The world has always leaned toward being more visual. Technology advanced from the Golden Age of Radio to a more visual form of entertainment known as a movie. At the same time, the inception of television was also beginning. It wasn’t before long that television was developed and movies could be viewed in the privacy of your home. As time progressed, how come podcasting, which more closely resembles the old-time radio shows of yesterday, has become so popular in the last few years?
A podcast is a great alternative to listening to music. If you’re tired of hearing what’s on the radio or the same songs on your streaming service, you can switch to a recorded show. Unlike a radio show, which is usually dominated by news or sports talking heads, you can always choose a topic of interest. The medium has evolved so much that there are nearly a few shows on every topic you can possibly think of.
Podcasts allow anyone to have a platform. You can choose your co-host(s), your crew, your guests, and your topics of discussion. Podcast hosts can even choose what ads to read and what music intros/outros to play, resulting in some really creative control. In the purest form of podcasting, you can talk about what you want without pitching the idea to a major television studio or getting studio interference about your content or pacing. As with every successful art form, big-budget production (and its drawbacks) is also possible.
The opposite is also true as the platform pushes forward. Podcasting networks, similar to a television network, are not exactly a recent development but they are starting to pop up more often. Spotify Originals & Exclusives have usually ruled the Spotify charts due to their increased budget, production, and marketing. The networks can also produce a professional show from the get-go for celebrities and public figures like Barack Obama, Michelle Obama, Draymond Green, and Dave Chappelle.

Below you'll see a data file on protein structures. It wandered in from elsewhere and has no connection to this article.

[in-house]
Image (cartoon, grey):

Media has always been a celebrity-dominated space but who knew that the most popular podcast would be helmed by the host of “Fear Factor.” Although Rogan juggled the show and UFC commentating, his transition to hosting The Joe Rogan Experience has been his cash cow. He has hosted the likes of Elon Musk, Edward Snowden, Bernie Sanders, and Alex Jones. His ability to interview these seemingly untouchable guests has netted his show millions of listeners. While he has experienced some backlash for his repeated use of the N-word, his show is most likely too big to fail.
One of the largest podcasts this year has been Batman Unburied. It’s an audio-scripted series created by David S. Goyer and stars Winston Duke as Bruce Wayne. You would think that audiences would be burnt out on Caped Crusader content–since the March 2022 release of Matt Reeve’s “The Batman” –but that is far from the truth. In fact, its two-episode premiere even unseated The Joe Rogan Experience at No. 1 on Spotify’s U.S. podcast charts.
While those are just two examples of popular podcasts, the scene continues to grow multiple branches. If you want a controversial host interviewing controversial public figures, you got it. If you want a popular fictional character starring in a new story, there are a few examples available to listen to now. There are podcasts about true crime, political commentary, comic book news, philosophy analysis, and everything else that comes to mind. Variety and convenience have always been a fixture in entertainment and podcasting is just the latest market that takes advantage of that.